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OBJECTIVE To determine the prevalence of selected intestinal parasites in pet dogs and recently apprehended free-roaming (AFR) shelter dogs in the Phoenix metropolitan area and compare those prevalences between the 2 groups.

DESIGN Cross-sectional study.

SAMPLE Convenience samples of fecal specimens from owned pet dogs from the Phoenix metropolitan area (n = 175) and free-roaming dogs apprehended and admitted to Maricopa County Animal Care and Control and Arizona Humane Society facilities from November 2014 through March 2015 (188).

PROCEDURES Fresh fecal specimens were collected from all dogs; for AFR shelter dogs, specimens were collected within 72 hours after facility admission. Standard centrifugal flotation tests and an ELISA were performed to detect 5 common intestinal parasites (roundworms, hookworms, whipworms, Giardia spp, and Cystoisospora spp). Group comparisons were performed by means of the χ2 test and Rogan-Gladen prevalence estimate.

RESULTS At least 1 of the 5 evaluated parasites was detected in 85 (45.2%) fecal specimens from AFR shelter dogs and 24 (13.7%) specimens from owned pet dogs. This prevalence differed significantly between the groups. Notably, the prevalence of Giardia spp in AFR shelter dogs (n = 76 [40.4%]) was higher than previously reported in the United States.

CONCLUSIONS AND CLINICAL RELEVANCE The prevalence of the evaluated intestinal parasites, particularly of Giardia spp, in AFR shelter dogs was higher than expected. This information is important for veterinarians, animal shelter personnel, pet owners, human health-care providers, and public health officials to consider when devising effective interventions and risk communication efforts against potential zoonotic threats, particularly those relevant to the Phoenix metropolitan area.

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in Journal of the American Veterinary Medical Association


To determine serologic and epidemiologic characteristics of an occupational group potentially at risk for Bartonella sp infection.


Epidemiologic survey.

Sample Population

351 veterinarians, veterinary technicians, and other individuals attending a veterinary conference in Ohio.


A serum sample was obtained from each individual and tested for antibodies to Bartonella henselae or B quintana. A 24-question survey also was administered regarding demographic, occupational, and exposure information.


25 (7.1 %) individuals were seropositive for B henselae or B quintana. Forty-seven, of whom 5 were seropositive, reported a history of illness consistent with cat-scratch disease and 18, of whom 3 were seropositive, reported a previous diagnosis of cat-scratch disease. Of the variables analyzed, only years of experience with cats was correlated with seropositivity.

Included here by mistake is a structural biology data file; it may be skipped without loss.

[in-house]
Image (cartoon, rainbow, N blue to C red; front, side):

Clinical Implications

The overall seroprevalence for 2 species of Bartonella in this occupational group was only slightly higher than that reported from other surveys. Seroprevalences among veterinarians, veterinary technicians, hospital staff, and others were essentially identical. Small sample groups, high percentage of cat ownership among participants, unknown duration of seropositivity, and unknown prevalence of infection among cats were potential confounders. (J Am Vet Med Assoc 1997;210:342–344

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in Journal of the American Veterinary Medical Association


In 1995, 49 states, the District of Columbia, and Puerto Rico reported 7,877 cases of rabies in nonhuman animals and 4 cases in human beings to the Centers for Disease Control and Prevention. Nearly 92% (7,247 cases) were wild animals, whereas 8% (630 cases) were domestic species. The total number of reported cases decreased 4.2% from that of 1994 (8,230 cases). Most of the decline was the result of 17.1% fewer reported cases of rabies in raccoons in areas of the Northeast, where rabies is now enzootic rather than epizootic. Exceptions to this decline were detected in states where the virus has only recently entered raccoon populations or where ongoing epizootics persist. States experiencing increasing epizootic activity associated with this variant include Maine (3 cases in 1993 to 101 cases in 1995), North Carolina (9 cases in 1990 to 466 cases in 1995), Rhode Island (1 case in 1993 to 324 cases in 1995), and Vermont (45 cases in 1993 to 179 cases in 1995). The raccoon variant of the rabies virus is now present in Alabama, Pennsylvania, Vermont, West Virginia, and all Atlantic Seaboard states from Florida to Maine. In Ohio, this variant, last detected in 1992 as a single case, was again detected in 1996. Epizootics of rabies in foxes in west central Texas and in dogs and coyotes in southern Texas attributable to canine variants continue, with this state reporting 137 rabid foxes, 55 rabid dogs, and 80 of the 83 cases in coyotes during 1995. The number of rabid bats (787) increased by almost 25%, with cases reported by 47 of the 48 contiguous states. Nationally, reported cases of rabies in cattle (136) and cats (288) increased by 22.5 and 7.9%, respectively, whereas cases in dogs (146) decreased by 4.6%. Cats continued to be the domestic animal most frequently reported rabid. The cases of rabies reported in human beings were all caused by viral variants associated with bats. Eighteen states and Puerto Rico reported decreases in rabies in animals in 1995, compared with 28 states and the District of Columbia in 1994. Hawaii was the only state that did not report a case of rabies in 1995.

Free access
in Journal of the American Veterinary Medical Association